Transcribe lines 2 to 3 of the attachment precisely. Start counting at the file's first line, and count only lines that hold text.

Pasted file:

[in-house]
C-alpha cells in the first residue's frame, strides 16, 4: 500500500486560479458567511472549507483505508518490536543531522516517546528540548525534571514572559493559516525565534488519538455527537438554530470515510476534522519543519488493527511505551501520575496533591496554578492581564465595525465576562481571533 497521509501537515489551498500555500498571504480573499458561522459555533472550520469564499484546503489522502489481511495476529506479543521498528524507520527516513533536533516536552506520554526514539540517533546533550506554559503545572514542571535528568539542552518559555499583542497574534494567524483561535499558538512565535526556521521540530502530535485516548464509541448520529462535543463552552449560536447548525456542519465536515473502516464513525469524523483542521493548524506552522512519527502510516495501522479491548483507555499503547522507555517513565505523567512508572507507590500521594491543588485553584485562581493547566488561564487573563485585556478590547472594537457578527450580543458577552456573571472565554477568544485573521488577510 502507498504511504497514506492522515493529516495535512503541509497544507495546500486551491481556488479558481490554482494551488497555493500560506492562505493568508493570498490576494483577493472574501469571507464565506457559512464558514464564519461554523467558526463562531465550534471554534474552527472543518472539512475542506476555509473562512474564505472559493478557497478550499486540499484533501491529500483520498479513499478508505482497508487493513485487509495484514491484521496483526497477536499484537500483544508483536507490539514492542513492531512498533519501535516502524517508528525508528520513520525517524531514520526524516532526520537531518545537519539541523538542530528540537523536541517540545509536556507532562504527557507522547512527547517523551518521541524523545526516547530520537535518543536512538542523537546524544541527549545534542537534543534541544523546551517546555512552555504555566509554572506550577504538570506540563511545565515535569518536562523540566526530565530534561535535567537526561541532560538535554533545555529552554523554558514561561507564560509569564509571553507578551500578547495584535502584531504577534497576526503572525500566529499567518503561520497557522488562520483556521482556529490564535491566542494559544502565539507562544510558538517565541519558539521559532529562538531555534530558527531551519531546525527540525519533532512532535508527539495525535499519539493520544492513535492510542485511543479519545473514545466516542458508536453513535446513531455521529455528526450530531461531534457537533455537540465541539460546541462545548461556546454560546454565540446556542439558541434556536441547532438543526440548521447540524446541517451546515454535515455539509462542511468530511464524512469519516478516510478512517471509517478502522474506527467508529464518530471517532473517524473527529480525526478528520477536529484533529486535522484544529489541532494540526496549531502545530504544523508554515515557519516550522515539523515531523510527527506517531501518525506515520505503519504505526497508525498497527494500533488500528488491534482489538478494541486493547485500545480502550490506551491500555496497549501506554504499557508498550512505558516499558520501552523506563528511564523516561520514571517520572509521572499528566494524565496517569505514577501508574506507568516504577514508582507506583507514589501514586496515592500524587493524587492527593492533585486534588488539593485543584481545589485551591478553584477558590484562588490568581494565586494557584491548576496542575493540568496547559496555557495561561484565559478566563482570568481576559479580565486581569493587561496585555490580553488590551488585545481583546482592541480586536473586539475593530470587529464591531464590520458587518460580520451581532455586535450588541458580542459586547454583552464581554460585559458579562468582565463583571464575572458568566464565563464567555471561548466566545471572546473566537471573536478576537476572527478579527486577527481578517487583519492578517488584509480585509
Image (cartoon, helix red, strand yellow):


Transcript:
C-alpha cells in the first residue's frame, strides 16, 4: 500500500486560479458567511472549507483505508518490536543531522516517546528540548525534571514572559493559516525565534488519538455527537438554530470515510476534522519543519488493527511505551501520575496533591496554578492581564465595525465576562481571533 497521509501537515489551498500555500498571504480573499458561522459555533472550520469564499484546503489522502489481511495476529506479543521498528524507520527516513533536533516536552506520554526514539540517533546533550506554559503545572514542571535528568539542552518559555499583542497574534494567524483561535499558538512565535526556521521540530502530535485516548464509541448520529462535543463552552449560536447548525456542519465536515473502516464513525469524523483542521493548524506552522512519527502510516495501522479491548483507555499503547522507555517513565505523567512508572507507590500521594491543588485553584485562581493547566488561564487573563485585556478590547472594537457578527450580543458577552456573571472565554477568544485573521488577510 502507498504511504497514506492522515493529516495535512503541509497544507495546500486551491481556488479558481490554482494551488497555493500560506492562505493568508493570498490576494483577493472574501469571507464565506457559512464558514464564519461554523467558526463562531465550534471554534474552527472543518472539512475542506476555509473562512474564505472559493478557497478550499486540499484533501491529500483520498479513499478508505482497508487493513485487509495484514491484521496483526497477536499484537500483544508483536507490539514492542513492531512498533519501535516502524517508528525508528520513520525517524531514520526524516532526520537531518545537519539541523538542530528540537523536541517540545509536556507532562504527557507522547512527547517523551518521541524523545526516547530520537535518543536512538542523537546524544541527549545534542537534543534541544523546551517546555512552555504555566509554572506550577504538570506540563511545565515535569518536562523540566526530565530534561535535567537526561541532560538535554533545555529552554523554558514561561507564560509569564509571553507578551500578547495584535502584531504577534497576526503572525500566529499567518503561520497557522488562520483556521482556529490564535491566542494559544502565539507562544510558538517565541519558539521559532529562538531555534530558527531551519531546525527540525519533532512532535508527539495525535499519539493520544492513535492510542485511543479519545473514545466516542458508536453513535446513531455521529455528526450530531461531534457537533455537540465541539460546541462545548461556546454560546454565540446556542439558541434556536441547532438543526440548521447540524446541517451546515454535515455539509462542511468530511464524512469519516478516510478512517471509517478502522474506527467508529464518530471517532473517524473527529480525526478528520477536529484533529486535522484544529489541532494540526496549531502545530504544523508554515515557519516550522515539523515531523510527527506517531501518525506515520505503519504505526497508525498497527494500533488500528488491534482489538478494541486493547485500545480502550490506551491500555496497549501506554504499557508498550512505558516499558520501552523506563528511564523516561520514571517520572509521572499528566494524565496517569505514577501508574506507568516504577514508582507506583507514589501514586496515592500524587493524587492527593492533585486534588488539593485543584481545589485551591478553584477558590484562588490568581494565586494557584491548576496542575493540568496547559496555557495561561484565559478566563482570568481576559479580565486581569493587561496585555490580553488590551488585545481583546482592541480586536473586539475593530470587529464591531464590520458587518460580520451581532455586535450588541458580542459586547454583552464581554460585559458579562468582565463583571464575572458568566464565563464567555471561548466566545471572546473566537471573536478576537476572527478579527486577527481578517487583519492578517488584509480585509
Image (cartoon, helix red, strand yellow):